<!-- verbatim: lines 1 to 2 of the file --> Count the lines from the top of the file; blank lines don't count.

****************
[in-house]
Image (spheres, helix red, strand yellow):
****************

[in-house]
Image (spheres, helix red, strand yellow):